Compelling Characters! A Storytelling Workshop
Fee: $35
To register, contact Liz Warren - Liz.Warren@SouthMountaincc.edu

Monday & Tuesday - Feb. 10th/11th ~ 9:30am-10:45am & 11:00am-12:15pm
Dissecting Story
Free - Open to public

Wednesday - Feb. 12th ~ 7:00pm-9:00pm
Through the Eyes of York: The Lewis & Clark Expedition
Free - Open to public

Thursday - Feb. 13th ~ 7:00pm-9:00pm
The Harlem Renaissance
Free - Open to public

Friday - Feb. 14th ~ 1:00pm-3:00pm
Educator's Story Workshop 
To register, contact Liz Warren - Liz.Warren@SouthMountaincc.edu

Games and Storytelling Workshop

Three-week course starts Saturday, Feb 8th ~ 1pm-3:30pm
Caleb Winebrenner is teaching a three-week course at the Phoenix Center for the Arts called, Playing with Local Stories: Games and Storytelling for Community Engagement. Here's how he describes it

"We're starting with two basic ideas. One, everyone loves to play. Two, everyone can tell stories. Using these ideas to guide out experiences, we'll explore how the stories we tell and the games we play with our neighbors can shape how we engage with our community. We'll draw from storytelling, improv theatre, dance, and a grab-bag of games to express who we are, our roles in the community, and what we can do to shape our futures.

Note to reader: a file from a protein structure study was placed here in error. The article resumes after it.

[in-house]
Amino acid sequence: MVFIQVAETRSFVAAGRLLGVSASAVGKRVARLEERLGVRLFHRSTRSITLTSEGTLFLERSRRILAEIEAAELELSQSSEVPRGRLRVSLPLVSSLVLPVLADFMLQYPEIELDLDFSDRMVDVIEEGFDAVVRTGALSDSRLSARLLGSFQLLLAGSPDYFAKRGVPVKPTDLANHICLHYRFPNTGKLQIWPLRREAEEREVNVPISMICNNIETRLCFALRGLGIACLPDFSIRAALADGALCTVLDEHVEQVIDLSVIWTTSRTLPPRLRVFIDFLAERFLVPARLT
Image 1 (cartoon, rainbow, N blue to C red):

The fee is $39. For more info and to register, go to this link:
NOTE: When you get to the page, if is shows a LOGIN screen, ignore that and look for the left/right arrows in the upper right hand corner. Click the RIGHT arrow to scroll the menu to the right until it stops, then click on YOUTH THEATRE

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Coming Up


AZ Rep - Stories From the Kitchen, the Bar and the Heart

Sunday February 16th
Join three notable bartenders and three renown chefs as they partner to present a three-course food and cocktail dinner defined by the stories of the men and women telling them. Each course is accompanied by two stories about what makes that drink and dish one from the heart.